3. Kitty: Oh man! At least you can shush a kid, then tell them later what they did wrong. But dogs….

    Peter: I think I would like your mom. 🙂

  4. This was my major laugh of the day! Thanks . . .

  5. LMAO @ her response! Classic!

  6. tysdaddy: I am glad my intense awkwardness is good for something 🙂

    Maria: Well, that may not have been exactly what she was thinking, but… Thank god it ended well.

  7. My little boy says “chink” for “drink.” My dear wife and I think it’s cute and imitate him all the time. “Chink it. Chink it.”

    Then we went out for dinner to the Wok and Roll. We gave the waitress a rather large tip that night.

    M

  8. I don’t know which made me laugh harder, Michael: Your son’s words, or the name of the restaurant. Either way, thanks for the laughs!

  9. Hi Ginny – kids are so honest – so even if they ask a question that might seem embaressing to you – it generally isn’t to the person that they are addressing. People don’t mind talking about their culture. I am sure that the Jewish lady would have been very happy to explain things to her. That’s how they learn.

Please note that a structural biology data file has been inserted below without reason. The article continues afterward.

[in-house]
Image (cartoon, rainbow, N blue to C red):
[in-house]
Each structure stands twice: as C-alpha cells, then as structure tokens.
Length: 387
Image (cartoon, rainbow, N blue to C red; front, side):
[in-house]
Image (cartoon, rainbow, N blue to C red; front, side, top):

You or the crocs …. well, it seems like you have definately lost out …. haha

  10. Great story and very well written.

  11. My best friend’s son used to say all “–uck” wrong and LOUDLY in public. As in, “I wanna big fuck, mommy!” at Toys R Us loudly. Try explaining that one to CPS.

    In a few decades, imagine the pride you’ll have watching her explain her firstborn’s unfprtuante pronounciation away. 😉

  12. Wendz: Yeah, like I said, I need to chill. 😉

    FormerlyFun: Why thank you ::curtsies::

    Loveyh: Revenge. Isn’t that REALLY why any of us reproduce?

  13. I’ve always called my hometown “the land of white bread and bologna” for just the same reasons.